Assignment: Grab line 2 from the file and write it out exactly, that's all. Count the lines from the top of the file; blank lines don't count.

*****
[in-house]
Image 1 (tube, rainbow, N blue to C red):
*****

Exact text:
Image 1 (tube, rainbow, N blue to C red):